Originally published in J.R. Johnson’s column, The Negro’s Fight, Labor Action, Vol. 4 No. 10, 17 June 1940, p. 4.
Transcribed & marked up by Einde O’Callaghan for the Marxists’ Internet Archive.
The column this week is devoted to the first portion of an article on the West Indies sent us by George Padmore, a Negro revolutionist now living in England.
After very considerable delay the Imperial Government has at last issued the recommendations of the West Indian Royal Commission, but significantly enough it has refused to make public the Commission’s findings.
The fact that the Government has been forced to suppress the evidence of its own Commission is in itself the gravest indictment of its imperialistic misrule.
All attempts to whitewash colonial administration, however, are of little avail, since it is impossible to conceal the shocking conditions which prevail. Every report – Royal or local – since the last World War tells the same story – a story of unmitigated widespread poverty, of disease, starvation and stark exploitation. Not without reason, Lloyd George has referred to the West Indies as the “slums of the Empire.”
This description can with equal truth be applied to other colonies, even on the basis of conservative official reports. Thus the report of the Colonial Office Committee on Nutrition (published in 1939) says among other things that “almost everywhere health is impaired to a greater or lesser degree by malnutrition, and in most parts there is insufficient wealth, either in food or in money, to supply requirements.” The report is, in fact, a lengthy catalogue of poverty and squalor. In very few colonies does the income of the native peasant exceed $25 a year.
Describing conditions witnessed by members of the Royal Commission, the Jamaica Standard writes:
“At the first house visited it was pointed out that a father, a mother and a child would sleep in one bed while the rest of the children slept on the floor underneath. There was one small pit latrine for four families. The residents crowded around the Commissioners, shouting, ‘We are suffering greatly, Sir, and want help right now. We are all starving, we cannot get work and the Government won’t do anything for us.’
“The Commissioners then walked down Ackee Walk, forty acres of tumble-down shacks without ventilation or the most elementary sanitation. Barrack-like, with as many, as fifteen rooms in one range, they have been made from bits of wood from motor packing cases, tin or old boards, with roofs of dry coconut palms. Improvised beds on which five or more persons slept were frequent here, and many more slept on the floor underneath. There was no ventilation in any of the rooms and some were completely dark.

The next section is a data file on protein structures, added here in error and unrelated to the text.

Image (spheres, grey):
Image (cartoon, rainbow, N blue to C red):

“At Orange Bay, the Commissioners saw people living in huts, the walls of which were bamboo knitted together as closely as human hands were capable; the ceilings were made from dry crisp coconut branches, which shifted their position with every wind. The floor measured 8 feet by 6 feet. The hut was 5 feet high. Two openings served as windows, and a third, stretching from the ground to the roof, was the door, A threadbare curtain divided it into two rooms. It perched perilously on eight concrete slabs, two at each corner. In this hut lived nine people, a man, his wife and seven children. They had no water and no latrine. There were two beds. The parents slept in one, and as many of the children as could hold on in the other. The rest used the floor.”
In Trinidad the Governor, Sir Murchison Fletcher, was forced publicly to condemn conditions as disgraceful. He declared that “the white employing class will find a shield far surer in showing sympathy to the colored workers than in a forest of bayonets.” Referring to the report of a doctor from the Dutch East Indies, Sir Murchison said,
“He was obviously shocked by the evidence of malnutrition ... He informed me that though he had had twenty years’ experience in the Dutch East Indies and although he had first-hand knowledge of conditions resulting from vitamin deficiencies, he had never seen such distressing conditions as existed here among the East Indian laboring population, where apparently men and women suffered from the absence of all the known vitamins ... Every adult over the age of twenty years was affected and ... the working life of the population was reduced by at least 50 percent.”
The Governor made an appeal to the sugar industry, which he declared had been placed in a position of prosperous stability due to the action of the British taxpayers. “I hurriedly looked up some figures last night,” he told its representatives in the Legislative Assembly, “and I find that with respect to last year (1936) the Usine Ste Madeleine paid 5½ percent dividends, Caroni Sugar Estate 6 percent, and Orange Grove 7½ percent and arrears on preferential shares. I do appeal to that industry to examine themselves and see whether they cannot spare something more for labor!”
The sugar king and oil barons were indignant. They replied to the Governor by securing his recall to Britain, where he was sacked by Lord Harlech, then Secretary of State for Colonies.
Last updated on 28.8.2012